Ex-student’s persistence ended school’s day of Latino caricatures
He remembered classmates in huge sombreros and fake mustaches, and dressed as Border Patrol and immigration agents. He was offended seeing Latino culture reduced to caricature during the “Seniores and Señoritas” day for graduating seniors at Anaheim’s Canyon Hills High School.
So the day before it could take place his senior year, he went to see a campus official to lodge his complaint. He left speechless and discouraged.
“Get a sense of humor,” he was told.
Jared Garcia-Kessler, 19, graduated and started studying business at Santiago Canyon College in Orange. He took a Chicano studies class, became energized again, and this time took his complaint to the superintendent and demanded an investigation.
“We are a diverse campus,” he said of his former school, “so for us to hold a day like this, I was beside myself.”
And the probe — a copy of which The Times obtained this week — found that administrators not only ignored Garcia-Kessler’s complaints, but that senior week activity grew even more “extreme” in the year after he graduated. Students showed up at the Anaheim Hills campus dressed as gang members with bandannas and teardrop tattoos, as a pregnant woman pushing a baby stroller and as gardeners.
Michael L. Christensen, superintendent of Orange Unified School District, said in a written statement Thursday that the actions of these students were “demeaning and offensive.”
He added: “The district is committed to working with the staff and students of Canyon High School to ensure a positive school climate and culture in all school activities.”
An internal investigation found that “Seniores and Señoritas"—a play on the word “senior"—dates to at least 2009. As Anaheim has struggled with ethnic and social tension — a result of police shootings and heated debate over the distribution of political power in the majority Latino city — some argue that this may expose broader cultural insensitivities on campus and in the wealthy, majority white enclave of Anaheim Hills.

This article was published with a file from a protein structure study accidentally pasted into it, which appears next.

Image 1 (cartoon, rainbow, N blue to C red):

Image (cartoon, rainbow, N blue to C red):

“They mirror their community, they mirror how they were raised,” said Sammy Rodriguez, a Santiago Canyon College instructor who urged Garcia-Kessler to report his concern. “It’s part of the fabric of that community. And the administration reinforced that, and that’s even worse.”
Diane Singer, a school board member whose district includes Canyon High School, said the district needs to bolster cultural tolerance where she says it’s missing. “It’s not just our school, it’s everywhere, and it needs to be addressed,” she said.
Singer met with Garcia-Kessler before he talked to the superintendent.
“It was painful,” she said of hearing his experience. “It hurt me a lot. I think the portrayal of Mexicans was racist. I’m a Latina. Something like this hurts you to your core, your soul. I know how these students feel.”
Kathryn Moffat, an Orange Unified school board member, said she could understand what led students to complain but believes the activity did not represent a widespread lack of cultural awareness on campus. “I don’t think what this small number of students did is indicative of, or can be extrapolated to represent, the student body,” Moffat said.
Even critics voiced support for solutions proposed by the investigation’s author — Aileen M. Sterling, executive director of secondary education — noting that it could send a powerful message and take steps toward correcting a troubling culture.
The proposals include eliminating “Seniores and Señoritas” day while adding an international week focusing on cultural appreciation, diversity and sensitivity training for Canyon High administrators and an elective ethnic studies course at a community college.
The matter was turned over to the district’s human resources department, although officials cautioned that they cannot disclose any disciplinary actions. Some, however, believe disciplinary action is in order.
“That shows how insensitive this person was,” Singer said of the school official who first downplayed Garcia-Kessler’s concern. “It goes down to their heart — how do you not see this is a problem?”
Garcia-Kessler said he was satisfied with the investigation. “I feel like they were transparent in their findings.”
Rodriguez said any changes will come about because of Garcia-Kessler and his persistence.
“Here you have a hero who steps up to the plate,” Rodriguez said. “He represents a generation that wants to bring about change. He took on the whole establishment and won.”
Despite the initial rebuff, Garcia-Kessler said he pushed the issue — even after he graduated — because of his own background. He is Latino, but identifies with many other cultures as well.
His stepfather is half Italian. His mother is half French Canadian and half Korean, adopted by a half-Irish, half-Norwegian family. His biological father is Mexican.
“I was raised to be accepting.”
Get breaking news, investigations, analysis and more signature journalism from the Los Angeles Times in your inbox.
You may occasionally receive promotional content from the Los Angeles Times.